Then there's the old mid-90’s England-made (same as current chinese made) celestion-only voiced V30, painted tan-gold frame, model T3904, cone is stamped XXX 444…..mids and treble sit differently from the Mesa and Marshall versions, to my ear, and I guess celestion couldn't be using either of the proprietary mesa or marshall voiced V30 sounds, for its own raw frame speakers available to the general public. Other amp manufacturers that are NOT mesa or marshall typically have this version of the V30 in their cabs, such as Engl, Randall, etc. Still reasonably warm but can be chesty and fizzy with some amps, and really benefits from heavy break-in to smooth out the fatiguing mid spike it throws off with some amps. Seems to have some extra 700hz too.

    And then there’s the Marshall “Vintage” proprietary marshall-only model T3897, raw silver frame, made by celestion in England for Marshall, OEM. It never actually has Vintage "30" printed on the magnet sticker, just "Vintage". This is the first, earliest, longest-running, and original V30, initially designed for Marshall specifically, by Ian White, and released in 1986/87 for use in some Marshall amps and cabs (Silver Jubilee), before Mesa and Celestion ever had their own custom voicings later on in the 90's in an attempt to get around Marshall's OEM status on the Vintages. If you're hearing a v30 tone on a recording made before 1990, it's these speakers. They were originally designed to sound almost like an AlNiCo speaker, but using a large ceramic magnet, sort of a cross between a celestion Blue and a G12H30.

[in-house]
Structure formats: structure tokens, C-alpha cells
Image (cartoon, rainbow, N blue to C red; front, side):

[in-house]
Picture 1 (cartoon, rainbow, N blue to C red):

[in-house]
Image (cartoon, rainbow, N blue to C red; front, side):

The Marshall Vintage speaker seems the brightest, most crunchy, most metallic and most cutting of the bunch, with the upper mids and treble sitting differently (shifted higher up, overall) than either of the later mesa-only or celestion-only variants, to my ear. Less chesty mid-mids, and harder sounding upper mids, than the others. Good for metal. Treble can be quite piercing depending how you dial it with some amps, at high volumes. The cones are always just stamped 444. You'll find these in some of the old Marshall silver jubilee cabs from 1987-1988 particularly, and thereafter in the current- production Marshall 1960AV/BV cabs.